Looking at mineral supplementation and exercise in mice, researchers have found that nutrition has a greater impact on bone mass and strength than exercise.
In the study, even after the exercise training stopped, the mice retained bone strength gains as long as they ate a mineral-supplemented diet, Xinhua reported.
"The longer-term mineral-supplemented diet leads to not only increases in bone mass and strength but the ability to maintain those increases even after detraining," said David Kohn, Professor atUniversity of Michigan in the US.
The second important finding is that the diet alone has beneficial effects on bone, even without exercising.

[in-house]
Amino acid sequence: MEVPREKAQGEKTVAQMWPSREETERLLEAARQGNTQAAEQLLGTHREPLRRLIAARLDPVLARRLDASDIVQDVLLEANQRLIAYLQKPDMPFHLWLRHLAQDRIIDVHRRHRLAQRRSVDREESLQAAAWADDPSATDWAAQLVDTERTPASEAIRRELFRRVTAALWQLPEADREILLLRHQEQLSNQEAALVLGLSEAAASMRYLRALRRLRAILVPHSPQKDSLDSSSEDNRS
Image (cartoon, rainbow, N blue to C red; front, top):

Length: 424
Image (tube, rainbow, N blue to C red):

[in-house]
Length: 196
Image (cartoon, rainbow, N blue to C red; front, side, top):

"The data suggests the long-term consumption of the mineral-supplemented diet could be beneficial in preventing the loss of bone and strength with age, even if you don't do exercise training," Kohn said.
While most studies look at effects of increasing dietary calcium, the new study, published in the journal PLOS One, looked at effects of increased dietary calcium and phosphorous and found benefits to increasing both.
This is not to suggest that people run out and buy calcium and phosphorus supplements, Kohn said.
Though the findings do not translate directly from mice to humans, they do give researchers a conceptual place to start, the team noted.
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